QUESTIONS:
    www.flexrentalsolutions.com, type = A, class = IN
    ANSWERS:
    AUTHORITY RECORDS:
    ->  flexrentalsolutions.com
    nameserver = ns-756.awsdns-30.net.
    ttl = 172800
    ->  flexrentalsolutions.com
    nameserver = ns-421.awsdns-52.com.
    ttl = 172800
    ->  flexrentalsolutions.com
    nameserver = ns-1070.awsdns-05.org.
    ttl = 172800
    ->  flexrentalsolutions.com
    nameserver = ns-1830.awsdns-36.co.uk.
    ttl = 172800
    ADDITIONAL RECORDS:
    ->  ns-756.awsdns-30.net
    internet address = 205.251.194.244
    ttl = 172800
    ->  ns-421.awsdns-52.com
    internet address = 205.251.193.165
    ttl = 172800
This tells us a few important details.  First, it tells us that we've reached the authoritative DNS server with official information on the flexrentalsolutions.com domain, including some information related to caching.  More on that later.  Now that we know we've reached the authoritative DNS server for our domain, let's find the IP address for www.flexrentalsolutions.com. 

------------
    QUESTIONS:
    www.flexrentalsolutions.com, type = A, class = IN
    ANSWERS:
    ->  www.flexrentalsolutions.com
    internet address = 66.29.188.245
    ttl = 3600
------------
Name:    www.flexrentalsolutions.com
Address: 66.29.188.245

So, there's our answer: 66.29.188.245.  We made it in four moves, which is much simpler than randomly scanning DNS servers until we find one with information.  In reality, when I query the Comcast DNS server, it does all these steps automatically.  This is called a recursive DNS request.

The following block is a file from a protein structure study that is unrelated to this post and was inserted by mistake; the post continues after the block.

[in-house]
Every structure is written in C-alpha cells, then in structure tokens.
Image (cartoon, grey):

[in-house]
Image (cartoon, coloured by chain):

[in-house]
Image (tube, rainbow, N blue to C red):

Caching

In practice it's unlikely that a request would go all the way to the root DNS servers, or even the top level domain servers, because DNS servers cache as much information as they can.   They also frequently bulk transfer information for big domains (like top level domains), which renders on demand caching unnecessary.

As you scan the output in the examples above, you'll notice that each record contains something called TTL.  This stands for Time To Live and is the amount of time, in seconds, that this information should be considered valid without needing to recheck it.  If you look at the records returned by the root server, they each have a TTL of 172800, which is 48 hours.  When a DNS server checks this information, it will save a copy and refer to the copy for at least 48 hours before checking the root server for updated information.

By the same token the top level domain server in our example returned an SOA record for flexrentalsolutions.com with a TTL of 172800, also 48 hours.  What this tells me as the administrator of the flexrentalsolutions.com domain is that if I ever change DNS providers, I'll need to keep the old one up for at least two days before shutting the old one down.